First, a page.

The leader of the new Glenville Local Development Corp. said he believes the board's business should be conducted in public -- even though there is not a definitive opinion on whether such organizations must comply with the state Open Meetings and Freedom of Information laws.
The LDC was officially incorporated in June so it could make loans to businesses using $565,000 from a Community Development Block Grant that had been awarded originally to Solid Surface Craftsman owner Alan Boulant to expand his business. Boulant has repaid the money, but it can be used only for economic development purposes.
Glenville LDC Chairman Jim Martin said he personally intends for the group 's business to be conducted in the open.
"These are public funds that are the seed money for this organization. I think those who are interested ... should be able to see what's going on," he said.
The LDC will hold meetings at the Glenville Municipal Center for the foreseeable future.
"I'd like to leave them open to anyone. I think that's the right thing to do," he said. "There may be cases where discussing an individual or individual company's finances, we might have to keep that under executive session. Other than that, I'd be fine with it."
He said he would raise the issue at the next meeting.
David Kidera, director of the state Authorities Budget Office, said a local development corporation is considered a nonprofit corporation, which doesn't have to comply with the Freedom of Information and Open Meetings laws. However, his office audits those corporations created by local governments and believes they should follow the rules.
"We make the argument that they're subject to the same FOIL and freedom of information requests as any other public or local authority," he said. "I think you're going to get some differences in interpretation."
LDCs have been under increasing scrutiny. The state Comptroller's Office last year issued a report saying some municipalities were using LDCs to take debt off their books, get around competitive bidding laws or flout other regulations regarding use of public money.
There has not been a lot of case law on whether LDCs must comply with the Freedom of Information and Open Meetings laws. Camille Jobin-Davis, assistant director of the state Committee on Open Government, said they need to comply if there is substantial governmental control of the LDC's operations.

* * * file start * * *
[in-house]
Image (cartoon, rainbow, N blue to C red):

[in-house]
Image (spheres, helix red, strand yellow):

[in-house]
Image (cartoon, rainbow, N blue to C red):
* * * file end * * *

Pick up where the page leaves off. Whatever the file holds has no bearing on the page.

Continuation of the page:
A relevant case on the subject is Buffalo News vs. Buffalo Enterprise Development Corp., which was decided by the state Court of Appeals in 1994. The newspaper was suing to have Freedom of Information Law requests fulfilled and the court ruled the LDC had a governmental purpose and was an agent of the city because the city appointed the board and had the authority to audit its budget.
"The city was inextricably involved in the core planning and execution of the LDC's program," Jobin-Davis said.
The Glenville LDC will report to the town about its activities, but the Town Board will have no official role, according to LDC member Jim Valachovic. Still, Valachovic said he fully supports complying with the Open Meetings Law and FOIL.
"We want to keep it as transparent as possible and make sure everybody knows what we're trying to do," he said.
Valachovic recalled a recent situation last month in which the state Authorities Budget Office censured the Waterford Local Development Corp. for failing to file audit reports from 2010 to 2012 and not filing annual reports for 2011 and 2012.
"We don't want to be like that at all," he said.
The organization is still trying to recruit two members to fill out the five-member board and is taking applications through Dec. 2. It wants to be up and running by the new year and is putting together requests for proposals for legal and accounting services, according to Valachovic.
He said he thinks people are excited about the LDC. "I think it's got the buzz in the business community, which is what we want."